posted by Hiker at 6:25 AM on March 23, 2010 [6 favorites]

You are neither innocent nor were you taken advantage of.

You were naive, to be sure, but that is not exculpatory.

Man up, pay your debts, and get on with your life.

No competent lawyer will tell you anything other than "maybe we can negotiate a settlement with the company."
posted by dfriedman at 7:01 AM on March 23, 2010

Agree with the previous replies. You assumed faut for the accident, even if you were not actually guilty. This means you took full responsibility for it, which includes the debts to the insurance company.

Since there is no police record, I can assume there are also no photos of your car, the accident site, the other person's car, or a written statement of what happened.

All you have is your subjective memory of what happened, which at this point, is not worth very much form a lawyer's perspective. Especially since you already admitted responsibility.

If I were in your shoes I would chalk this up as an expensive life lesson and mistake, pay the debt off, get the safety claim revoked, and move on with your life.

Playing the victim, years after the fact, is probably not in your best interests.
posted by camworld at 7:05 AM on March 23, 2010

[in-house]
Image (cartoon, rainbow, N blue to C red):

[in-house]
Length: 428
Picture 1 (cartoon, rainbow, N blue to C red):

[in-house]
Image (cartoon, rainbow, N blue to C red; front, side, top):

It sounds like a pretty horrible insurance company if they were threatening you like that back then. ('Back then' would have been a good time to talk to a lawyer too.)

As it is now, see if your school has legal aid for students. At best, they can force the insurance company to admit that is has no evidence against you other than your own browbeaten agreement. At worst, they can help you negotiate a settlement.

You definitely made some mistakes back then, but that is no reason to continue letting them call all the shots. Good luck.
posted by SLC Mom at 7:50 AM on March 23, 2010

You might try talking to a personal injury lawyer, if you don't have good luck with contacts at school. The ones who have experience with auto accidents are who you're looking for because they're used to negotiating with insurance companies. Avoid the ones who advertise on tv. Check out your local bar association website for recommendations.

Here's what I would ask (while leaving your feelings about the insurance company's behavior to the side): 1) Is there any way to remove the safety claim short of paying the insurance company? (the answer to this may well be no, and if so, ) 2) What is the best settlement I can get so I don't have to pay all $16,000.

Sometimes, just having someone call from a law firm or write a letter on law firm letterhead can help at least knock off the fees/interest. The lawyer can advise you about whether the insurance company's claim might expire someday or how much they are really entitled to. Don't talk to anyone at the insurance company, in case they try to get you to reassert responsibility for the accident or the amount owed. They have proved themselves to be jerkfaces, but now you may be stuck. Take the money you have for the car and get this squared away because it could affect you down the road in ways you'd prefer not to think about.
posted by *s at 10:36 AM on March 23, 2010

You say you had no insurance, but you did. You were self insured. You owe. I add to the others that your best course of action is to negotiate a settlement. UNLESS you can prove you were not at fault. Then i would pursue an insurance fraud angle against the other driver.
posted by JohnnyGunn at 10:16 PM on March 23, 2010